Falling house prices would be good "for some people", said Prime Minister Bill English, but prices weren't his focus.
Speaking to The Nation, he said it was up to the market to decide prices, which in Auckland average more than $1 million.
Host Lisa Owen asked the Prime Minister if it would be good to see houses become more affordable.
"For some people it would be, no doubt about that. And it can happen - in Christchurch we've seen flat to falling house prices because so many houses are being built. It's now become a very attractive city for moderately priced housing."
With interest rates at record lows, he said it was no more difficult to service a mortgage than it used to be; it's just harder to get on the ladder.
"What we're focusing on is not so much what the price actually is; it's on getting more houses on the ground because we see the demand. That demand is the product of a strong economy, rising incomes and people wanting to live here."
A Treasury document released earlier this month suggested New Zealand was 60,000 houses short, with Auckland needing 35,000 of those. The city's Unitary Plan puts the shortage at 40,000.
"We're not using any particular figure. It's a bit artificial," said Mr English.
"Regardless of how big you might thing the shortage might be, the answer is always the same - that is, get more houses on the ground, faster."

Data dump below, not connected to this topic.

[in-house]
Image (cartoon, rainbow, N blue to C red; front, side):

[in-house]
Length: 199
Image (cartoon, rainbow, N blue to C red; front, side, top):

He declined to make his own estimate, saying it was down to councils to make those determinations and implement policies to fix it.
"The answer's always the same. It doesn't matter if one estimates twice the other. In the end, we don't control the decisions. No house can happen anywhere unless the council makes a series of quite complex decisions, ranging from subdivision or intensification to signing off the confirmation it's been built properly."
As for whether the Government would consider extending the current two-year bright line test or putting pressure on the Reserve Bank to introduce tighter loan-to-value restrictions, he said Kiwis will have to "wait and see".
"It depends a bit on how the situation unfolds."
If National wins this year's election, Mr English said it would look at completely revamping the existing planning system to make it easier for developments to get off the ground.
"There's no one new idea that suddenly makes houses appear on subdivisions. It's a long, complex process."
The average price of a home in Auckland according to Quotable Value is just over $1 million, up 72 percent in just four years.